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How the States Shaped the Nation: American Electoral Institutions and Voter Turnout, Melanie Jean Springer

Reviewed by Jenny L. Holland



In this book, Melanie Jean Springer contends that U.S. voter turnout should be understood in the context of federalism with state-level election laws that influence participation rates. She demonstrates in How the States Shaped the Nation that the effects of restrictive voting laws are relatively uniform, whereas the effects of expansive laws are not. Her work has important implications for electoral reform efforts designed to stimulate voter turnout.

When compared with other democracies, average national turnout in the United States is notoriously low. However, Springer makes the case in Part I of the book that this is an overly simplified measure; voter turnout is not as waning as the national average would have one believe. When disaggregated by state and region, turnout in presidential and nonpresidential years is usually above the national average in the Midwest, West, and Northeast, while it is well below average in the South. This section also includes a well-written compre­hensive history of expansive and restrictive voting laws during the time period of interest.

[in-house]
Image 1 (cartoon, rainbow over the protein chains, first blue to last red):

The major empirical analyses are found in Part II of the book. Springer estimates a series of cross-sectional time-series analyses in Chapter 5 to test the effects of various electoral institutions on voter turnout across states beyond the effects of electoral competiti

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